As far as the effects on the west coast of North America, due to the fact that oceans don't have borders:
“EPA officials, however, refused to answer questions or make staff members available to explain the exact location and number of monitors, or the levels of radiation, if any, being recorded at existing monitors in California. Margot Perez-Sullivan, a spokeswoman at the EPA's regional headquarters in San Francisco, said the agency's written statement would stand on its own.
Critics said the public needs more information.” [19]
“The failure of the American, Canadian and other governments to test for and share results is making it difficult to hold an open scientific debate about what is happening.

“Earlier this year, the acting EPA director signed a revised version of the EPA’s Protective Action Guide for radiological incidents, which radically relaxing the safety guidelines agencies follow in the wake of a nuclear-reactor meltdown or other unexpected release of radiation.  EPA whistleblowers called it 'a public health policy only Dr. Strangelove could embrace.'” [20]
And the mention of EPA segues to the recent spewing.

Midas touch
Most are probably familiar with King Midas who wished that everything he touched would turn to gold; granted his wish, his greed blinded him to the fact that he would have to touch his food, his daughter, and so on.

The EPA/Gold King Mine spew is thus far not as conclusive as the previous examples. Yet again, there were signs:
“Five months before the Animas River toxic spill disaster, leaders from the tiny Colorado mining town of Silverton pleaded with EPA officials to not perform tests that would declare the area a Superfund site.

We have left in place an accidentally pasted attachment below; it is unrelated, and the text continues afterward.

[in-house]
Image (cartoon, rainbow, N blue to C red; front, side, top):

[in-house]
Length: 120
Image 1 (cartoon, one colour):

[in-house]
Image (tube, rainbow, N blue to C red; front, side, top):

“Yet the Environmental Protection Agency was intent on ferreting out 'widespread soil contamination' from historic mines, even though the town was tested five years ago and no problems were found...

“On Aug. 5, an EPA crew breached a debris dam at the old Gold King Mine, and 3 million gallons of water containing lead and arsenic flowed into the Animas River. The poisons turned the water bright orange and have since flowed into Utah and New Mexico, creating an epic disaster affecting farmers, towns and the Navajo Nation, which rely on the water...

“One geologist thinks the EPA created the mess to give itself another Superfund site to work on.

“Five days before the breach, the Silverton Standard ran a letter to the editor from a person identified as Dave Taylor, who said he had 47 years’ experience as a professional geologist.

“The technical letter describes how the EPA will create a scenario where 'the water will find a way out and exfiltrate uncontrollably through connected abandoned shafts, drifts, raises, fractures…contamination may actually increase due to the disturbance and flushing action within the workings.'

“Taylor accused the EPA of creating the mess to get 'a foot in the door to justify its hidden agenda for construction of a treatment plant.'
“Taylor wasn’t too far off. When asked in the town meeting whether the EPA wanted to declare the area a Superfund site, EPA project manager Paula Schmittdiel said, 'That’s still a point of discussion.'” [21]
The following speaks to the bigger picture of the hazards of mining:
“The tragic accident occurred as contractors for the Environmental Protection Agency (EPA) were working to plug Gold King, which had been leaking acid mine drainage into the river system for years.
But the stage was set by decades of neglect and the near-absence of any requirements that mining companies take responsibility for preventing harm to people and aquatic life after they close their mines. Some 500,000 abandoned mines, most un-reclaimed, now dot the nation’s landscape.” [22]